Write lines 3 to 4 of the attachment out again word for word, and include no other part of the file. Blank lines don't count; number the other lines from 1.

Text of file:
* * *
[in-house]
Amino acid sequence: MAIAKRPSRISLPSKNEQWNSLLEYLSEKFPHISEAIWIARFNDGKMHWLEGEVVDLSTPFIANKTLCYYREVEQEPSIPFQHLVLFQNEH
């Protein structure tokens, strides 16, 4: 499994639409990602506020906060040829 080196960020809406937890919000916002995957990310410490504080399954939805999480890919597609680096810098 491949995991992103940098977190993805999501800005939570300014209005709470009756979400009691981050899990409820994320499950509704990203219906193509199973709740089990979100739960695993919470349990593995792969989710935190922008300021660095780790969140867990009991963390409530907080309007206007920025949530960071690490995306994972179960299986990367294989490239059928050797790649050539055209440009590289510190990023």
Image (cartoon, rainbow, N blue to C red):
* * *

């Protein structure tokens, strides 16, 4: 499994639409990602506020906060040829 080196960020809406937890919000916002995957990310410490504080399954939805999480890919597609680096810098 491949995991992103940098977190993805999501800005939570300014209005709470009756979400009691981050899990409820994320499950509704990203219906193509199973709740089990979100739960695993919470349990593995792969989710935190922008300021660095780790969140867990009991963390409530907080309007206007920025949530960071690490995306994972179960299986990367294989490239059928050797790649050539055209440009590289510190990023």
Image (cartoon, rainbow, N blue to C red):